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The 2018 midterm elections were billed as a referendum on the presidency of Donald Trump and one of the most consequential of our lifetime. Enthusiasm on both sides sparked a record turnout of 113 million voters cast their ballots for Congress, state and local offices, and a number of ballot initiatives.
Proving the age-old mantra that ‘elections have consequences,’ several of the races and ballot questions will have a lasting impact on gambling in the United States.
A ballot measure that leaves all future expansions of gambling up to the voters easily carried the day in Florida, garnering 70 percent of the vote.
The artfully worded “Voter Control of Gambling in Florida,” also known as Amendment 3, was supported by a pair of unlikely allies, the Seminole Tribe (a current operator of tribal casinos in Florida) and the anti-gambling Disney.
With the passage of Amendment 3, the legislature can no longer expand gaming in the state without passing a constitutional amendment.
That gives the Seminoles an effective monopoly on casino gambling in the state. As such, expect to see only Seminole-friendly bills going forward. The tribe will have a lot of leverage should the state consider future expansions of gambling like sports betting.
Sports betting has pushed daily fantasy sports to the side in legislatures across the country, but there is still some residual momentum pushing some stragglers across the finish line.
Louisiana was one of those stragglers, passing DFS legislation earlier this year. However, final authorization required a ballot referendum, with residents of each parish deciding DFS’s fate.
When all the votes were tallied, DFS was authorized in 47 of Louisiana’s 64 parishes, including the major population centers of New Orleans and Baton Rouge.
“Virtually every metro area voted in favor,” Ronnie Jones, chairman of the Louisiana Gaming Control Board told Legal Sports Report. “Those parishes represent about 92 percent of the state’s population and I think that number likely bodes well for any sports betting bill.”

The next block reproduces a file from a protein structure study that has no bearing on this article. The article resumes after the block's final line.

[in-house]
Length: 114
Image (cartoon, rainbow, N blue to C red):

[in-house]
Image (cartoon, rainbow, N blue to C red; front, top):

The number of states that haven’t legalized casino gambling shrunk by one on Tuesday.
Arkansas voters approved a constitutional amendment that paves the way for casino gambling in the state. The measure, which passed with just over 54 percent of the vote, also explicitly legalizes sports betting, making Arkansas the eighth state to do so.
With Arkansas joining the ranks of casino states, the number of states without casinos (tribal or commercial) now stands at nine:
At least four of those states have flirted with legalizing casinos in recent years: Virginia, Tennessee, Kentucky, and Georgia.
Online gambling advocates dodged two bullets in Michigan.
Rep. Brandt Iden found himself in a tight race to represent District 61 against challenger Alberta Griffin. At the end of the day, Iden prevailed by around 1,300 votes.
That’s good news for online gambling supporters, as Iden has been spearheading online gaming and sports betting efforts in the Michigan House.
The governor’s race was far less competitive. Attorney general and unapologetic online gambling prohibitionist Bill Schuette was handily beaten by Gretchen Whitmer by nine points. Whitmer will succeed outgoing Gov. Rick Snyder in January.
Schuette has signed on to the Sheldon Adelson-backed online gaming bans on several occasions, including the semi-annual letter from state attorneys general to the federal government.